Peter G. Crawshaw

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The jaguar (Panthera onca), the largest felid in the American Continent, is currently threatened by habitat loss, fragmentation and human persecution. We have investigated the genetic diversity, population structure and demographic history of jaguars across their geographical range by analysing 715 base pairs of the mitochondrial DNA (mtDNA) control region(More)
Habitat fragmentation may disrupt original patterns of gene flow and lead to drift-induced differentiation among local population units. Top predators such as the jaguar may be particularly susceptible to this effect, given their low population densities, leading to small effective sizes in local fragments. On the other hand, the jaguar's high dispersal(More)
The ocelot (Leopardus pardalis) and margay (L. wiedii) are sister-species of Neotropical cats which evolved from a lineage that migrated into South America during the formation of the Panamanian land bridge 3–5 million years ago. Patterns of population genetic divergence of each species were studied by phylogenetic analyses of mitochondrial DNA (mtDNA)(More)
Tissue specimens from four species of Neotropical small cats (Oncifelis geoffroyi, N = 38; O. guigna, N = 6; Leopardus tigrinus, N = 32; Lynchailurus colocolo, N = 22) collected from throughout their distribution were examined for patterns of DNA sequence variation using three mitochondrial genes, 16S rRNA, ATP8, and NADH-5. Patterns between and among O.(More)
Capturing small carnivores is often necessary for obtaining key ecological data. We compared the efficiency of box and leg-hold traps, using live and dead bait, to capture six carnivore species (Herpailurus yagouaroundi (E. Geoffroyi, 1803), Leopardus tigrinus (Schreber, 1775), Nasua nasua (Linnaeus, 1766), Cerdocyon thous (Linnaeus, 1766), Eira barbara(More)
Major evolutionary questions remain elusive due to persistent difficulties in directly studying the genetics of variable phenotypes in natural populations. Many phenotypic variants may be of adaptive relevance, and thus important to consider in the context of conservation genetics. However, since the dynamics of these traits is usually poorly understood in(More)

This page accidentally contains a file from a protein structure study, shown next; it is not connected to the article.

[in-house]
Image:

C R E D IT : S A N D R A C A V A L C A N T I Capping Progress on Invasive Species? THE EUROPEAN COMMISSION RECENTLY PUBlished its long-awaited draft legislation on invasive alien species (1). The proposed regulation implements a key target of the European Union Biodiversity Strategy (2), aiming to bring EU policy in line with the Convention on Biological(More)
This study aimed to assess the exposure of free-living jaguars (Panthera onca) to Leptospira spp. and Brucella abortus in two conservation units in the Pantanal of Mato Grosso, Brazil. The presence of antibodies in blood samples of eleven jaguars was investigated using autochthonous antigens isolated in Brazil added to reference antigen collection applied(More)
Group-living in carnivores is mostly associated with cooperative hunting and anti-predator defense. Giant otters (Pteronura brasiliensis) live in monogamous and cooperative breeding groups, where mechanisms other than cooperative foraging may be driving group maintenance in the species. We herein describe three interactions between giant otters and jaguars(More)
Habitat fragmentation can promote patches of small and isolated populations, gene flow disruption between those populations, and reduction of local and total genetic variation. As a consequence, these small populations may go extinct in the long-term. The ocelot (Leopardus pardalis), originally distributed from Texas to southern Brazil and northern(More)